Therefore, in 85% to 90% of patients with PHP, removal of the single enlarged parathyroid gland resolves the problem. This led some pioneering authors5- 8 to propose a unilateral approach in which "if the expected enlarged parathyroid is found and resected and a normal one is identified on the first-operated side, the operation is ended." Arguments for preserving one side of the neck are several, including reduction of the operation time and anesthesia requirements, lower risks of pretracheal hematoma, lower risks of injury to the recurrent laryngeal nerve, lower risk of hypocalcemia, and less obliterative scarring that might hinder any future neck surgery. Shorter hospital stays, less pain and discomfort, and quicker return to "normal" life can also be expected. Targeted unilateral cervical explorations used results from preoperative thallium-technetium scan7 or ultrasound.8 Trends toward unilateral surgery were, however, severely contested.4,9 Objectors stressed that neither thallium-technetium scans nor ultrasonography were sensitive enough to recognize patients with MGD, so that the unilateral surgery would fail in many patients with bilateral adenomata or asymmetric hyperplasia.4,9 They also stressed the difference between the intention to use unilateral surgery and what was actually done in practice. Indeed, misorientation from imaging techniques often necessitated conversion to bilateral surgery.
The recently introduced 99mTc-sestamibi scanning10 is now considered the most sensitive imaging technique in patients with PHP.11- 13 However, while the sensitivity for parathyroid adenomas has been consistently high, reported sensitivity in primary parathyroid hyperplasia is variable. When 99mTc-sestamibi is used as a single tracer with imaging at 2 time points—"the double-phase method"14—sensitivity for primary hyperplasia is quite low.15 Subtraction scanning, using either iodine 12311- 13 or 99mTc-pertechnetate,16 in addition to 99mTc-sestamibi, improves sensitivity for hyperplastic glands. A well-known difficulty with subtraction imaging, however, is maintaining the patient absolutely still during the time necessary to scan the thyroid, to inject 99mTc-sestamibi, and to record the image of this tracer. Simultaneous recording of 123I and 99mTc-sestamibi has been forwarded as a simple answer to these difficulties.17 Simultaneous double-window acquisition prevents artifacts on subtraction images due to patient motion, improves the detection of tiny parathyroid tumors, and shortens the imaging time.17 Encouraging results with this technique have been obtained in PHP17 and in secondary hyperparathyroidism due to parathyroid hyperplasia in patients with renal failure.18
Can simultaneous 99mTc-sestamibi–123I subtraction scanning be used to guide unilateral surgery in PHP? A parathyroid scan preceding unilateral surgery would obviously need to be interpreted with criteria different from those preceding bilateral surgery. Specific requirements are (1) maximal sensitivity for MGD and (2) low percentage side errors so that the planned surgery and anesthesia need not be modified during the operation. We previously noted that PHP is often associated with nodular thyroid disease.12 Scan images in such patients may show multiple foci of activity, and it may be difficult to ascertain the absence of a second enlarged parathyroid gland. Concerning the risk of side errors, previous experience has shown that a low-intensity 99mTc-sestamibi focus can be misleading.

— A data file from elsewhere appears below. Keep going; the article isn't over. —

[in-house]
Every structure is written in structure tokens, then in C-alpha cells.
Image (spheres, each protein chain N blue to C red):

In the light of these simple restrictive criteria, we tested the ability of simultaneous 99mTc-sestamibi–123I subtraction scanning to select patients in whom unilateral surgery would be appropriate.
Seventy consecutive patients referred to a single-surgeon practice (D.M.) for first surgery of PHP form the basis of this study. The mean age was 57.8 years (range, 21-88 years), and 54 (77%) of the patients were women. Primary hyperparathyroidism was apparently sporadic, except in a 40-year-old woman who had a family history of hyperparathyroidism and kidney stones. All patients had laboratory signs of PHP. Plasma total calcium levels ranged from 2.30 to 3.56 mmol/L (mean, 2.80 mmol/L; reference range, 2.20-2.62 mmol/L). Plasma intact parathyroid hormone (PTH) levels ranged from 5.3 to 219.7 pmol/L (mean, 23.5 pmol/L; reference range, 1.1-6.1 pmol/L). Plasma ionized calcium and additional assessment of phosphorus and calcium metabolism were needed in some patients to reach the final diagnosis.
During the entire study, the surgeon's (D.M.) policy was to perform bilateral surgery except in a minority of surgical-risk patients. Each scan report provided all details concerning the number and position of suspected enlarged parathyroid glands. If the surgeon was willing to perform unilateral surgery in a given patient, the scan report would mention if this surgery can be offered. When the surgeon intent was to perform conventional surgery, the first author (E.H.) indicated in his files whether scan findings could allow unilateral surgery. Early data from 30 patients have been published, when reporting on our new scanning protocol.17